Day by day, pieces of my baby fall away, morph into something new and different, or just disappear forever. Gone is his babyness, replaced by this older version of himself. Next year I'll lament the same thing, this passage of time. It never ceases. Just keeps on ticking away, taking precious pieces of my baby with it. It's hard to be completely sad about this loss since it's not so much a loss as it is a transformation. One day Spencer was a tiny baby with chicken legs screeching his shrill cry; and then slowly, gradually, over time he became this new Spencer, still as scrawny, but screeching a different sort of tune.
My baby turned six. And with this birthday came the same sentimentality that creeps in with each passing year. Spencer as a newborn. Spencer as a toddler. Spencer as a threenager. Spencer as a preschooler. We are a month away from him entering a new stage of his life--kindergarten--and, for now, I'll soak in this new budding version of Spencer while he's still at home with me. I'm sure next year will be even harder to find traces of these earlier Spencers.
This year we forwent the traditional big party with family and friends and opted for a low key celebration. He spent the morning fishing with Daddy and the afternoon he invited a friend over for his very first sleepover. They played in the pool, soaked Daddy in an unfair water gun fight, busted open a pinata, got soaked all over again in a water balloon fight, and played the day away. At night, after the cupcakes and presents and festivities ended, we set up beds on his bedroom floor, hauled in a TV and DVD player, popped popcorn and closed the door, holding our breaths for a quiet, peaceful end to the loud, rambunctious day. That lasted all of 30 minutes, or until the popcorn was gone, before they were up jumping and screaming and wreaking havoc. Eventually, Ashton--the instigator--was banished to his own bedroom, and the two remaining boys settled into a night of whispers and quiet play. At 11:00 we found Jackson fast asleep on the floor, but the birthday boy was awake watching the movie with tired eyes. Apparently, he wasn't in a hurry to end his big day. I don't blame you, Buddy, I love birthdays, too!
A Tradition of Growth: Spencer's birthday interview.
Recently, in preparation for this new arrival due in the fall, we did some bedroom rearranging. Spencer made the big move downstairs. He got to pick out the paint color and he came with to the fabric store to pick the pieces for his quilt. We painted canvases for new wall art and scavenged the house for furniture replacements. The first few nights in his new room, he unrolled his sleeping bag, blasted his new clock radio and camped out on the floor. The transition was a little scarier than he had anticipated, but by the third night, he was sleeping in his new full-sized bed, the sleeping bag forgotten on the floor. His biggest regret about the new room is that he cannot see the garbage truck on Tuesday afternoons from his window anymore. I'm fairly certain teenager Spencer will be just fine with that trade-off.
On his door is recycled police tape from a previous spy birthday party and his initials from our alphabet learning series. We added a chalk wall that is only half complete. We still need to add some clips to convert it into an easel as well.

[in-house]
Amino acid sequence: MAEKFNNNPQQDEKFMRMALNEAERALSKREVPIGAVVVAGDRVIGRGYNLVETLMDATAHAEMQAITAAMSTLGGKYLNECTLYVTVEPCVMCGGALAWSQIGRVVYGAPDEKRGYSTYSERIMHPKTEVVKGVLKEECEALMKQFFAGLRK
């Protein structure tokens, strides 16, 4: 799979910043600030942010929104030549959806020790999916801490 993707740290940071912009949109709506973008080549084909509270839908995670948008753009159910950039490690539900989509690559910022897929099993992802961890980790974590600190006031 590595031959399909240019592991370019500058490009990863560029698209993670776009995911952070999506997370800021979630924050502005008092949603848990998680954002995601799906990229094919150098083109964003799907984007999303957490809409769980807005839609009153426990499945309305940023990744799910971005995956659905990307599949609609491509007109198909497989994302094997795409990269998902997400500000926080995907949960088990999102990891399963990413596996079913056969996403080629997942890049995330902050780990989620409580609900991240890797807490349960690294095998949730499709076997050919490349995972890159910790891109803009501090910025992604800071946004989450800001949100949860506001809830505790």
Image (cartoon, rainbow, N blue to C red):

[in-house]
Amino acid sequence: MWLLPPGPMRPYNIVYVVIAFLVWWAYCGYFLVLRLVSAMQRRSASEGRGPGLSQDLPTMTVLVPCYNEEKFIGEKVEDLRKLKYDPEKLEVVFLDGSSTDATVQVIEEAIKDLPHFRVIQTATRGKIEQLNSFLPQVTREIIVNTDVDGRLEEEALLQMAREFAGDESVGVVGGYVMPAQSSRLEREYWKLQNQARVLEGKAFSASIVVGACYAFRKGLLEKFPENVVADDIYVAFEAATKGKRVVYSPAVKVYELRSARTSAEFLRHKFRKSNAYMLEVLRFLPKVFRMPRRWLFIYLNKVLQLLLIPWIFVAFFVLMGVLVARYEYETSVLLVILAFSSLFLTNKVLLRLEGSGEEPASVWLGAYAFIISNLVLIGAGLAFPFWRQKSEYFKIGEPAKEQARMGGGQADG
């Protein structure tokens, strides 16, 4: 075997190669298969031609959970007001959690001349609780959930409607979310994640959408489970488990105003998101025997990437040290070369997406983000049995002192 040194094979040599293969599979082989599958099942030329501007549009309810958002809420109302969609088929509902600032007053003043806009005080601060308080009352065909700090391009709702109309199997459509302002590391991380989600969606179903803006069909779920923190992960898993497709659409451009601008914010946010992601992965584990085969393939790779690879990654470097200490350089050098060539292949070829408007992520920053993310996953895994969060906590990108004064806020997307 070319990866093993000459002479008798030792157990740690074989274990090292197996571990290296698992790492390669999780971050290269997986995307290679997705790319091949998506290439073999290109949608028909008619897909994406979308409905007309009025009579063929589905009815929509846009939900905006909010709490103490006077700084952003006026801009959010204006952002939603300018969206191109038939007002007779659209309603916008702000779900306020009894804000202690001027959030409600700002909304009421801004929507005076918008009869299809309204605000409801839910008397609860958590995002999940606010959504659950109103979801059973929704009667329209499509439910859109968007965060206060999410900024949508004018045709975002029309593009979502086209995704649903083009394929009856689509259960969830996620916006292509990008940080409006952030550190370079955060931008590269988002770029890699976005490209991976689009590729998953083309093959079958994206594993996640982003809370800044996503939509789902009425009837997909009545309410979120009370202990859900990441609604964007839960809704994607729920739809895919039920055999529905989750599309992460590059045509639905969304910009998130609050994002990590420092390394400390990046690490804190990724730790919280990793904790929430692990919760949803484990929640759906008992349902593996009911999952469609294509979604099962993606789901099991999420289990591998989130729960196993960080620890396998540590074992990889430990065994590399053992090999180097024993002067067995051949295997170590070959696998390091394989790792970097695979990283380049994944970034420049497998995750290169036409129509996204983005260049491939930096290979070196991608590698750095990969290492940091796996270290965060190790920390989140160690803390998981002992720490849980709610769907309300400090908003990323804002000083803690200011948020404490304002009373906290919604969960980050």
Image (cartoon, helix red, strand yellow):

The desk was a hand-me-down from Grandma Amy's teaching days, one I used for years. It is now filled with various knick-knacks he's accumulated and numerous workbooks, coloring books and other art supplies. The desk is rarely neat and organized. It's filled with lots of monsters made from notebook paper stapled together with stickers for eyes. Lately, he's been known to staple sheets together with random letters scrawled on each page--an alphabet learning book for his brother, he says.
The bed was Dave's as a boy, one his great grandpa hand-crafted, and had been used as our guest bed for years. Spencer traded in his teeny toddler bed for this full-sized one. While debating the wall color, Spencer begged for orange. We conceded with orange bedding and army green walls instead. He came up with the camouflage theme and, although I cringed at the fabric store over his mismatched selections, he boasts about the end result. I'm fairly certain this bigger bed is my favorite part of the whole room. Now I can cuddle up with him at bedtime much more comfortably. And the boys love to use it as their new trampoline. The wall art is One-of-a-Kind Spencer Mahlkes.
The dresser was a hand-me-down from Dave's grandparents. It housed bathroom towels in our first house, then my fabric collection in what used to be my craft room (now Spencer's bedroom), and now Spencer's undies and jammies. His closet is the biggest in the whole house. He doesn't even own enough clothes or junk to fill it.
The bookshelf came from my old work place and once contained our miscellaneous book collection. Now it has momentos from our recent trip to South Carolina--ocean sand, seashells and ginormous pine cones from Grandpa Dave's yard--puzzles and loads of books we've read far too many times in his six years on this earth. The camouflage chair is a birthday gift from Grandma Amy. The toy box was also hand-crafted from Dave's great grandpa.
I love that his bedroom contains a mismatched ensemble of so many sentimental familiar pieces passed on down the line and things he's accumulated over the years. The room will transform many times before he moves on, but I love the way it resembles the boy he is at this very moment.